Our search resulted in a total of 733 articles, with 221, 232, and 275 identified from PubMed, EMBASE, and Cochrane Library, respectively. Additional five were retrieved from reference lists or other sources. A screening flow chart of the studies is presented in Fig. 1. After retrieval, a total of 248 duplicates were removed. A review of full-text articles resulted in the exclusion of 14 studies, with 31 SRs and meta-analyses meeting our criteria. Of these, 7 described mortality, 22 reported incidence, and 2 were studies combining mortality and incidence. A detailed description of these characteristics is outlined in Table 1.
Characteristics of included SRs and meta-analyses included in the current study are outlined in Table 1 [22,23,24,25,26,27,28,29,30,31,32,33,34,35,36,37,38,39,40,41,42,43,44,45,46,47,48,49,50,51,52]. Among the 31 records that met our inclusion criteria, 4 SRs reported bladder cancer cases [22,23,24, 40], 9 SRs and meta-analyses focused on kidney cancer [25,26,27,28,29,30, 47,48,49], 11 SRs and meta-analyses described prostate cancer [31,32,33,34,35,36,37, 42, 45], and 7 meta-analyses studied more than one type of urinary cancers [38, 39, 41, 43, 44, 46, 50]. The included SRs and meta-analyses were published between 2001 and 2018, with only one record retrieved from Chinese databases . One record had co-first authors , whereas the median number of authors was 4.5 and ranged from 2 to 10. In addition, five articles did not report sources of funding [26,27,28,29,30], five others provided full search strategy [29, 39, 40, 43, 46], and only one was registered with PROSPERO .
Thirty-one SRs were available for quality assessment. Considering the overall methodological quality, all the SRs were rated as critically low quality. Specifically, of the sixteen individual items, one was fully reported (research questions and inclusion criteria for the review include the components of PICO). However, none of the SRs explicitly stated that the review methods were established before the conduct of the review and justified significant deviations from the protocol, and report on the sources of funding for the studies included in the review (Fig. 2). In general, 72.41% of the articles were of moderate quality (Table 1). The total of PRISMA points across the included studies was 21.5 (12.5–26) (Fig. 3). Particularly, four items were fully reported, whereas only one  provided the protocol’s registration number. In addition, three meta-analyses [27, 28, 44] had low reporting quality (PRISMA score < 15.0), 11 [22, 23, 25, 26, 32, 33, 35, 36, 38, 45, 48] were moderate (15.5–21.0), and 17 articles [24, 29,30,31, 34, 37, 39,40,41,42,43, 46, 47, 49,50,51,52] were of high quality (21.5–26.0) (Table 1).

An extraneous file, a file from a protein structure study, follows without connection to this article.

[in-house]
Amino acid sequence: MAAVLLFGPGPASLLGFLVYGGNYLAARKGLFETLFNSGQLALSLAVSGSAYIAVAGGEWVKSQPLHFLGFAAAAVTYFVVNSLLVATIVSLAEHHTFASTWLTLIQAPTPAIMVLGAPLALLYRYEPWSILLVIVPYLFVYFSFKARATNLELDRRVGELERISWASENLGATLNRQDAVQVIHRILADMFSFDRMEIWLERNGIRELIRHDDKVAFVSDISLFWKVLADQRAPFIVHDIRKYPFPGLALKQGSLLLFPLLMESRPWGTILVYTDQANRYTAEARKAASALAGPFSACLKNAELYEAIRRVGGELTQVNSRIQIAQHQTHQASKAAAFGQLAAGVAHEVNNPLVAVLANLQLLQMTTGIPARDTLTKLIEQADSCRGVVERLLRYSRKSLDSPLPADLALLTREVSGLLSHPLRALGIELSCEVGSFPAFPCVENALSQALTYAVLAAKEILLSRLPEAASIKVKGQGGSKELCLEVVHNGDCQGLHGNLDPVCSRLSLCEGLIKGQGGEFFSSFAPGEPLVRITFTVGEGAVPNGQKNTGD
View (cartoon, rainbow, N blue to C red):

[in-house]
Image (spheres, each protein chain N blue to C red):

A total of four studies evaluated the relationship between the incidence of bladder cancer and obesity [23, 24, 40, 46], with pooled estimates of 1.1 (95% CI 1.07–1.13) (Table 2). A subgroup analysis revealed a stronger relationship between obesity and the risk of prostate cancer in North America [22,23,24] compared to Europe (P < 0.05) [22,23,24]. In addition, obese people who drink alcohol were reported to be more likely to develop bladder cancer compared to their non-drinking counterparts (P < 0.05) . Age [22, 23], smoking [22,23,24], gender [22, 23, 46], and duration of follow-up (10 years) [23, 24] were not significant confounding factors for the disease (Table 3).
The relationship between the incidence of bladder cancer and overweight was described by four articles [23, 24, 40, 46], with pooled estimates of 1.07 (95% CI 1.03–1.1) (Table 2). A subgroup analysis revealed that gender [22,23,24], geographic location [23, 24], age [23, 24], duration of follow-up (10 years) [23, 24], family history of cancer [23, 24], physical activity [23, 24], and alcohol consumption  were not confounding factors in the relationship (Table 3). Furthermore, we observed a linear relationship between bladder cancer with BMI for each per 5 kg/m2 [24, 39] (RR = 1.03, 95% CI 1.02–1.05). The RR for every 1 kg/m2 BMI increment might also be related to bladder cancer (1.03, 1–1.06) .